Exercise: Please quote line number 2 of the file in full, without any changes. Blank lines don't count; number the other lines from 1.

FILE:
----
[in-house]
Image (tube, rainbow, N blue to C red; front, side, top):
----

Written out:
Image (tube, rainbow, N blue to C red; front, side, top):